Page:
Lincoln Road limit to stay at 25 mph

POULSBO —The decreased speed limit

of Lincoln Road first set to accommodate signal installation work this summer will soon be a regular fixture as the Poulsbo Public Works Committee discussed the change and is recommending its permanency.

The new light signal at the intersection of Lincoln Road and Caldart Avenue was installed in August, along with a wider road to increase motorist and pedestrian safety. City engineer Andrzej Kasiniak said the road’s former 35 mph speed isn’t warranted with the increased developments and driveways along the thoroughfare, and encouraged the committee to stick with the city’s default 25 mph west from Caldart Avenue. The limit between Caldart Avenue and Pugh Road will be slated at 30 mph with council approval, and east of Pugh Road the limit will remain at 35 mph.

“When we did the traffic signal at Caldart and Lincoln, I started to ask myself whether that was appropriate,” Kasiniak said last week. “The geometry of the road and stopping sight distance do not support 35 miles per hour.”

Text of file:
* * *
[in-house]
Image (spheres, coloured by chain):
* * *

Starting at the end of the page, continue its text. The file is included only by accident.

The 35 mph originally allowed on the road was most likely left from before the area was annexed into city limits.

Kasiniak first raised the topic with the council at a Sept. 19 meeting, but no motion was passed as some members expressed the worry that 25 mph was too slow.

“I’d hate for us to create what could become a speed trap,” said councilman Ed Stern. “I could see where I’d end up with a ticket while trundling down.”

Stern said while a 25 mph limit theoretically sounds good, he thinks drivers will have to remain on their brakes to keep themselves at the speed, and an inadvertent speeding problem could be created. At the end of Wednesday’s meeting, however, he agreed he did not want to spend further tax money on a study.

“It’s a gradual change,” said Poulsbo Mayor Kathryn Quade. “It’s not meant to be a speed trap, it’s meant to be a safety enhancement.”

Poulsbo Police Department’s Sgt. Bill Playter said he thinks the new limits are appropriate for the area, which hasn’t been a place where speeding or collisions have been a problem in the past. He said starting at a lower limit coming down the hill will prevent difficulty in keeping with the decreased speed as the slope continues.

“I don’t think anything’s being a speed trap,” he said.

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